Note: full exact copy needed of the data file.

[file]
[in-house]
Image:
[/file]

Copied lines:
[in-house]
Image: